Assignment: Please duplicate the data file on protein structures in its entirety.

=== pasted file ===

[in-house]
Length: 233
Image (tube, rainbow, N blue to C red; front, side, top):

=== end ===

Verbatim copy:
[in-house]
Length: 233
Image (tube, rainbow, N blue to C red; front, side, top):